“I’m telling you now man, if y’all do anything foolish, these people are gonna get hurt,” Mike said after taking 12 people hostage during a botched robbery. Our being there meant that we wanted him to surrender peacefully. In other words, we wanted Mike to say, “Yes.” His utterance was an emphatic “No.”
On its face, a “No” in any difficult conversation may be interpreted as an insurmountable obstacle when in fact it is the first step down the road towards, collaboration, compliance or acceptance. Understanding the different facets of “No” is critical to our success.
Mike wanted to let us know that he was in control. Most hostage-takers do. Giving us his version of a “No” afforded Mike some autonomy in an incident that he had lost control over as soon as the first patrol officer arrived. There are two kinds of "Nos." One is used for protection. The other is used for rejection. As in Mike’s case, most "NOs" that we hear are from people seeking protection and security. It is often hard for us to see this because often when our counterpart says "No" we feel rejected. We take it personally. We need to understand that a rejection of an idea is not a rejection of us personally. We become more productive negotiators when we can make that distinction. In addition, “No” usually represents confusion and fear on some level. In Mike’s case, the fear and confusion are obvious by-products of having his freedom and future taken from him by being trapped in the business. In the business world, the “No” you get is generated by the fear of commitment and/or uncertainty. In either environment, these are emotional responses best addressed through the use of labels (“It seems, It sounds, It appears”) and calibrated questions (“How, What"). They worked on Mike, and they will work for you as well.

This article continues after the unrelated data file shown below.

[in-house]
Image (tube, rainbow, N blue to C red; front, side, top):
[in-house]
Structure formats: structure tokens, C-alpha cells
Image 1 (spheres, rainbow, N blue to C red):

The interesting psychological aspect of accepting the “No” is that it triggers reciprocity. Once people feel that they have protected themselves, they are often more willing to listen. They are not worried about what they have exposed themselves to by making an unintended commitment in saying “Yes.” The voice of worry in their head is not distracting them. Cleared of distraction, Mike began to listen to us as much as we listened to him. The longer this went on, the more rapport was built. The more rapport built, the more influence we had. It took several hours, but Mike began to return to a normal functioning level and moved to “Yes” in that he began to release the hostages.
As hostage negotiators, we have no fear of "No." We get it all of the time. As a result, we are not blinded by the desire to hear "Yes." As time went on, Mike was more comfortable giving us confirmation "Yes" because we did not try to force him into a commitment “Yes." We did not attack his “No” head-on. We embraced it.